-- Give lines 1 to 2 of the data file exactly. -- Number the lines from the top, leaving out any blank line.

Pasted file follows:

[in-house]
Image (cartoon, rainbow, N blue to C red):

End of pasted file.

[in-house]
Image (cartoon, rainbow, N blue to C red):